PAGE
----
What is an Unconference?

We’ve mentioned that much of our weekend schedule for WordCamp Portland will be determined in an unconference format, but I’m sure that at least a few of you are wondering what that means. Rather than creating yet another explanation, I’d like to borrow a couple explanations from Dawn Foster:

“It is an ad-hoc gathering born from the desire for
people to share and learn in an open environment. It is an intense
event with discussions, demos, and interaction from participants.”

Or in more detail:

“The unconference is an adhoc gathering shaped by those who attend
with the sessions and agenda being driven by the participants. The
framework is defined in advance, but the sessions are organized and
produced by the attendees. In other words, instead of a full agenda
with sessions and speakers clearly determined in advance, you start
with a blank grid containing times on one axis and rooms / locations
on the other axis; lunches and any other common activities are often
added to the grid in advance to provide some basic infrastructure for
the event. You never know what discussions, demos, and other interactions
to expect before the event, but you can count on it being an
interesting time!”

“Unconferences on the other hand may tend to attract people who enjoy
shaping their environment and who may value networking and
conversation more than presentation. You become a participant, instead
of just an attendee. Sessions are proposed, refined, and often
combined as the event progresses and conversations evolve. I also find
more networking opportunities at unconferences, since many sessions
are discussion based rather than a single person giving a
presentation.”

Thanks to Dawn for allowing me to republish her explanations; this should clear things up for those who have yet to experience the benefits an unconference can bring when so many interesting people are together.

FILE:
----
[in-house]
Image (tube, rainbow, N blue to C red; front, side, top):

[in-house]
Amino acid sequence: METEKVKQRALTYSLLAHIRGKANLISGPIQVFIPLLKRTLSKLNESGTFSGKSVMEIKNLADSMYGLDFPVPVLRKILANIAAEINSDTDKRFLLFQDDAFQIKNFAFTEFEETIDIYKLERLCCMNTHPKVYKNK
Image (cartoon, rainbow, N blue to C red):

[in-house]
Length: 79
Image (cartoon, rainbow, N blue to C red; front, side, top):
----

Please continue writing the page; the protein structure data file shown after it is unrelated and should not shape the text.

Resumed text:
In order to spur some pre-event discussion, there is a blog post that can be used as an open thread for discussion about topics folks might want to discuss at WordCamp Portland.

4 Responses to What is an Unconference?

  1. Tress says:

    I find myself wanting to understand more about php — not to be a programmer but to have a sense of what/how it changes WP options and share with clients in a way that they get a mile high sense of the power of WordPress.

    Maybe a chance to see someone build a plug-in and walk through the steps with them and learn as they go. I’m quite sure php is not a manmade fiber used to make bad fashion accessories.

  2. Jeff Naramor says:

    I’d like to discuss why and how to make wordpress editor more WSYWIG and how to make content work with tables. It’s been a bit frustrating for me and my clients to have content appear formatted differently that it was initially written. I think this could be a great topic for discussion.

  3. Barbara says:

    I have a suggestion for a topic.

    How about an easy way to update WordPress without messing up plugins or settings that are already there. I know there’s a process, but it seems very cumbersome to me. Is there a way to simply update WordPress?

  4. Nancy Wirsig McClure says:

    Session suggestion:

    When you build sites for small businesses: Helping them choose what to blog about.